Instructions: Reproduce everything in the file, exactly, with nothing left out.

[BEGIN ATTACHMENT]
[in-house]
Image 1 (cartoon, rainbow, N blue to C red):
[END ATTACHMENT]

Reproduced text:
[in-house]
Image 1 (cartoon, rainbow, N blue to C red):